Thomas Chimes: Symbolic Landscapes (1958-1962), 2012
50 pages, Softcover
Published by Locks Art Publications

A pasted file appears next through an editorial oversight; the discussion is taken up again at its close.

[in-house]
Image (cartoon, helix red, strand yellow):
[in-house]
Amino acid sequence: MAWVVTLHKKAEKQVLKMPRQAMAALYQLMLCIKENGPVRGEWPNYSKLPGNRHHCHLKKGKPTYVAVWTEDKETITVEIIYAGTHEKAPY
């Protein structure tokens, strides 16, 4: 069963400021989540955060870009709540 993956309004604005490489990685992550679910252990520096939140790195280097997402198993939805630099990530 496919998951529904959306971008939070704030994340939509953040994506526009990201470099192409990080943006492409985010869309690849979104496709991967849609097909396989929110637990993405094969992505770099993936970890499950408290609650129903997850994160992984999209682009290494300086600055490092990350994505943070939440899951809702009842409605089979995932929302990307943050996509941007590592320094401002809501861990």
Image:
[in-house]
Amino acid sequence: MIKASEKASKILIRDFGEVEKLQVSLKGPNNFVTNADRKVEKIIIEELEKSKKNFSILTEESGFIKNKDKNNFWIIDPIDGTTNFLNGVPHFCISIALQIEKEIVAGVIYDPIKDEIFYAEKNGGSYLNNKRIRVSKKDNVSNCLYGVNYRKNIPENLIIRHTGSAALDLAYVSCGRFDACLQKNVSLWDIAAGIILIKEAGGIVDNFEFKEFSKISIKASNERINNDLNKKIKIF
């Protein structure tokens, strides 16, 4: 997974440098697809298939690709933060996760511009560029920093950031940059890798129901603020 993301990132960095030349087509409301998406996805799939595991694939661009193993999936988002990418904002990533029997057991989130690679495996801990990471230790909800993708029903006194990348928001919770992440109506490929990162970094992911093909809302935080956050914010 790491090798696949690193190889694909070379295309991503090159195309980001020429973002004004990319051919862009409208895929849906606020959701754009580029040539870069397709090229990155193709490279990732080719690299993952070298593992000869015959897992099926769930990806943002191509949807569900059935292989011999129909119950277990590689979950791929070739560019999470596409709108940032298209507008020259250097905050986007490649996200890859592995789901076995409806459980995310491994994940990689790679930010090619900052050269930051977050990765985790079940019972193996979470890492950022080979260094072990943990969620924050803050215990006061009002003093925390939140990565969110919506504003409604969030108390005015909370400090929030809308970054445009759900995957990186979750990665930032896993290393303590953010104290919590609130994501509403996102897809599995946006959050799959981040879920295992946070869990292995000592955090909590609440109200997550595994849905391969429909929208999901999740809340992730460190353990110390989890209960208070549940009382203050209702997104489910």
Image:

This publication and the accompanying exhibition at Locks Gallery present the Thomas Chimes's earliest mature body of work-landscape and crucifixion paintings-including the monumental Bread. These works have expansive and vividly colorful compositions filled with both abstracted symbols and recognizable imagery. These paintings are accompanied by early drawings and studies that were exhibited for the first time and are seen side-by-side in the publication with the developed works. In 1952, Chimes embarked on a seven-month trip to Europe, traveling across Greece, Italy, the South of France, and Paris. His time in France was highly influential on his early paintings and drawings. The landscapes from 1958-59 reference Van Gogh's wheat field paintings in yellows, purples, blues, and reds. Chimes's slightly later Crucifix paintings and drawings incorporate clear-cut shapes that recall Matisse's paper cutouts, inspired by his visit to the 1961 Matisse retrospective at the Museum of Modern Art in New York as well as his trip to see Matisse's Chapelle du Rosaire de Vence. These early works marked an important step in Chimes's career; in 1961 Alfred H. Barr Jr. acquired a painting for the Museum of Modern Art, as well as one for his personal collection. In addition Chimes would create his largest, and most ambitious paintings during this period, including Bread (1962), and culminating in his 7 foot tall by 18 foot wide Mural (1963-65).